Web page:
Political Note #205 Mayors on the March
One of the Presidential candidates has been criticized for how she bosses. Look at the presidential candidates. Can you tell what kind of bosses they have been?
Consider a mix of accomplishments and the implications of those accomplishments for how they worked as boss. For a few candidates, the most visible place where they bossed people was as a city mayor.
CORY BOOKER. He was mayor of Newark, NJ fro 2006 to 2013. He became mayor when he was 37. Now he is a Senator from New Jersey. What he was like as a boss in Newark? Newark is not a huge city. With 285,000 people it is the 70th largest city in the country.
As Booker’s term was ending, Governing magazine quoted an observer saying of Booker’s impact: “Newark was everybody’s favorite casework of a failed city. Now people have become interested in Newark as a recovering city.” Booker used his celebrity to sell the city and to bring in philanthropic resources. He fixed the budget.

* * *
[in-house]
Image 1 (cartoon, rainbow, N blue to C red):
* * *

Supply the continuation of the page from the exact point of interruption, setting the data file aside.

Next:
He was also unusual. Governing begins its story: “Did you hear about the time Cory Booker chased down an armed robber in front of city hall? How about when he ran into a burning building to save a woman’s life? Or when he shoveled snow from residents’ driveways after a blizzard? All true. All prettyunusual for a mayor.
PETE BUTTIGIEG. He has been mayor of South Bend Indiana since 2012 when he was 29 years old. South Bend is smaller than Newark – around 101,000, the 301st largest city in the country.
He focused on redeveloping abandoned property in his first term, targeted developing and beautifying downtown in his second. In his first year, he demoted the police chief (the city’s first black police chief) and fired the police communication director. He was listening to cops’ communications without their knowledge. With Mike Bloomberg of New York City, he was recognized as Mayor of the year for 2013.
Some constituents complained that Buttigieg was too quick to tear down properties. He adjusted to the criticisms and slowed things down. The Indy Star summarizes “unemployment is down and the city’s population is slowly rising after decades of decline.” It also comments on growth of new neighborhoods in the city.